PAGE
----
Anyway. While at home, there were a few unopened gifts for my son who just turned one, from friends and family. One of the things my son received was this adorable and amazingly soft stuffed monkey, from Zubels Organics. This particular doll is Rickey ‘Rotten’ Banana, a cute little monkey who dresses kind of like Fonzie from Happy Days and sports a blue mohawk. A monkey with a mohawk- who wouldn’t love that? You can even purchase his guitar accessory.

Zubels Organics uses 100% organic cotton yarns and eco-friendly dyes- so you don’t have to worry about your baby sleeping with toxins. And the fact that they are hand knit makes them so irresistibly soft and cuddly…as well as  easy to clean. I’ve often worried about fuzzy stuffed animals with acrylic hairs, which can go up your nose and gather a lot of dust. No worries in that department either with Zubels!

They do not retail in India, but if you have a friend or a relative making a trip abroad, they are worth the effort!

Visit their website at http://zubels.com/

Motherhood Mondays: My child SCREALS. Does yours?

I am baking at the moment. I was craving sugar to such a degree that I behaved like a pig and creamed together ridonkulous amounts of butter-sugar-cream-flour-eggs to make a cake. And I added pomegranate too. Let’s see how it turns out. By the time I hit publish, it should be done.

As many of you know, I have a nearly-one-year-old son. He is a lovely baby and has never given me much trouble. Even in his infancy, he had a set pattern while waking up for his feeds at night: it was either 2am, 4am, 6am or 3am, 5am, 7am. (Plus or minus 15 minutes at the top of the hour.)

He doesn’t have issues taking a bath. He is generally nice around new people and doesn’t yell when we have visitors. He is a total trooper when we travel and doesn’t embarrass me when we fly. (Except when he gets flirty with the stewardess- as flirty as an 11-month-old can be.) Hell, he has never even pooped mid-air!

Nor does he have issues with food, he eats mostly everything now, we haven’t really started him on meat, fish and poultry, but yeah, he pretty much eats whatever we eat.

I keep touching wood and thanking the powers above for blessing me with a son who has made my transition into motherhood so wonderful.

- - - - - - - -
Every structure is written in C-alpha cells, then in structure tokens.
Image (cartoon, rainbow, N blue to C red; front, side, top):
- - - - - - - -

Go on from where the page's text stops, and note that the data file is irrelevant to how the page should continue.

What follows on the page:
Except that of late, he has started noticing things. Mostly food. And the food he notices is the stuff we do not share with him, like spicy chicken or meat dishes, namkeen, or chocolate. And he makes it a point to make a noise about it (a loud, high-pitched, highly energized one) that is a cross between a scream and a squeal. And that, my friends is a SCREAL.

I only think it’s fair that I too, am allowed to create new words like Tyra Banks does on ANTM. (Smize=smiling with your eyez.)

The screal. It is loud. It is shrill. It bursts forth, short and rapid, and then gains momentum to become longer, more dramatic, until it is finally just a wail. Add to this leg kicks and fist throw-downs and you have yourselves a little food diva! He cannot stand the fact that we possibly have something nicer on our plate. Sometimes, he even throws his spoon. Maybe Gordon Ramsay was like this as a baby.

Have any of you experienced this? Loud little tantrum-y screals because your child is excluded from a certain kind of food?

The first few times, I though ok, let the kid have a little crumb of what I’m having, and I would give him a tiny piece. But now, I just ignore it. I look at my husband and say “No one is going to pay any attention to Raghav. Raghav has eaten his dinner and he does not need to eat food which is not meant for him.”

On one level, perhaps we should not eat any of those things till he is ready to eat it, too. But on another level, I think: he is going to be surrounded by stuff that may be off-limits as he grows up, and he needs to understand that. Everyone can’t have everything. And he certainly can’t screal his way through life.

Even if he wags his finger at people.

Thanks arjun menon for the photo!